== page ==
It’s nothing to be afraid of whatsoever, and in fact it’s a very, very powerful experience that kind of enriches you. You can’t put a price on what that is going to be, a price of words, on the help you’re doing another person. You’re almost giving a person a life. I don’t want to make it too big, but my friend now just lives an amazing life now again.

And I saw him just a few weeks ago in Greece. He’s just so well again. And he’s a big guy, a couple of metres tall and ah, I guess things like if, check your health is okay. But it’s almost like I feel like saying, “You can do it. You can do it.” Because it’s a big deal and yet it’s not a big deal. It’s a big deal, your life will be knocked sideways for a week. For a week, you’ll be knocked out. But you’re healthy. It’s not like you’re knocked out, you’re not well like you’ve got a disease or you’ve got cancer if you’re not well for a week. But you’re actually well so you’re body just comes back.


Wallee’s mum didn’t want him to donate. Friends were also wary. Telling other people made him...


You talked to family and friends and you said that most people were against it?

Well, in a sense they were not sure that it was a good idea. I won’t say they were stubborn and stopped me. But they were, I can’t say everybody, I’m sure there were some people who were saying, “This is a really amazing what you’re going, what you’re willing to do.”

But I remember a lot of people were very cautious saying, “I’m not so sure this is a great idea.” And my mother was completely against it. And she just, you know, I had to kind of pacify her. I guess she was concerned. That’s why, people were concerned about the implications for me. But what’s interesting is that it makes you realise how little people know about what’s involved.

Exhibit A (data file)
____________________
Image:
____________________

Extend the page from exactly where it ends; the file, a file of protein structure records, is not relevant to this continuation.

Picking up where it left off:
At first, Wallee had very little appetite and slight discomfort around the wound. He spent five...


I was in a certain amount of shock and things that were slightly uncomfortable was that I found it difficult to eat, because obviously everything had happened in the tummy region. So my digestion wasn’t, you know, I wasn’t really having much of an appetite. And there was a certain amount of coming to terms with what had happened. I just remember having, sorry it’s hard to explain, an almost  kind of a deep experience about the whole thing, just something deep because I agreed to do something, and I trusted in something, so something else took place, which has remained with me ever since actually.

I was ready to go home. I was ready to rest and have food at my own time, not when the food came around in the hospital. And I had better food actually in hospital, that’s the reality. I could say, “Well I feel like a little bit of fish or something, potatoes.” I could actually say that because there is a menu in hospital but, you know, they’re cooking on such a big level.

I spent five weeks, something I’m going to have. I think it might be slightly wrong, something like five weeks in my friend’s house. Then I went to Denmark for a week. So somehow about two months, you’re still recovering for a few months after that. But two months, allow time. But it’s not like, it’s a case of really being ready, you’re up walking in a couple of weeks, shuffling around.


Wallee gained so much from donating to his friend. It felt like a gift to both of them. After the...